“As a kaiako the exhibition is something I love. It’s an opportunity to showcase the creativity and intelligence of our children and talk to parents about their child,” says Mariah.

In 2020 the inquiry theme is ‘Rise Together – Be the Revolution’ – which explores another key Reggio Emilia tenet, the important role children play in society and their community.

“This follows on from last year, focused on empowerment but also about collaboration and community. It’s very well timed with COVID-19, everyone has had to work together as a community even though we are all separated,” says Mariah.


In April 2019 Mariah to travel to the town of Reggio Emilia in Italy to learn more about its innovated learning approach and pedagogy.

She attended a week-long workshop for international educators, touring Italian schools and observed Reggio Emilia in practice.

“It was surreal after spending years studying Reggio Emilia, to get to the city and see the schools and teachers in action. It was definitely a highlight of my teaching career.”

Mariah’s study trip was supported by Creators Educational Trust. She was the first recipient of an annual scholarship designed to encourage kaiako to further their knowledge and pedagogical development.

CEO of Creators Educational Trust, David Gibson, says that Mariah took what she learnt in Italy and came back to share that knowledge with her colleagues.

“She’s reinterpreted Reggio Emilia through the lens of someone Aotearoa, New Zealand,” says David. “The beauty of Reggio Emilia is that it isn’t a ‘one-size-fits all’ approach’. It’s something you live and breathe and create, and Mariah has been able to do that.”

One of the key lessons Mariah learnt from her time in Reggio Emilia was importance of the teacher stepping back and letting the child lead the learning.

“As teachers we aren’t the experts, we are facilitators, we open the doorways for the children. We walk alongside them but we are still just as much learning as them.”

“When you step back as a teacher, the children will really surprise you. They are very creative and intelligent. They don’t always need something to prompt them, they can come up something on their own. They are like scientists and can lead the learning, and we can build on that together.”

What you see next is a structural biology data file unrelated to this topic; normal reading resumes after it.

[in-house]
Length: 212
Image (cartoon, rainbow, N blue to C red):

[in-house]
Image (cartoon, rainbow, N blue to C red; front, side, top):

When Mariah returned from her travels she created a professional development day for her Creators colleagues, based on what she learned in the town of Reggio Emilia.

She set up several provocations for the teachers, designed to focus on the importance of teachers stepping back and letting children follow their own interests.

“I set it up and didn’t tell them how to use it. I left it to the teachers to explore. I wanted them to imagine they were the child and experience how they might feel, to explore the materials and find their own meaning.”

Mariah says it is important not to replicate the Reggio Emilia approach exactly the way it is done in Italy in a New Zealand context.

“Reggio Emilia is a place, and because it’s a place it comes with so many things – a culture, a language, a history that goes along with it. You can’t copy that. So, we are ‘Reggio-inspired’ not ‘Reggio Emilia’ at Creators. There are a lot of beautiful concepts you can be inspired by and weave into your practice here in New Zealand.”

Many Reggio concepts fit well with New Zealand’s early childhood curriculum, Te Whāriki, as well as Creators other pillars: nature play, values-based learning and love and connection.

“In particular, empowering children and developing relationships with whānau and community,” says Mariah.

“The relationship side of it is really important. At Creators, it feels like you are part of a big family and I love that.

“As teachers we all feel it’s important to build strong relationships with one another and our children, parents and communities. It’s important to understand every child’s history, their story, their own home and their culture.”


Lenses for Learning Series - The Space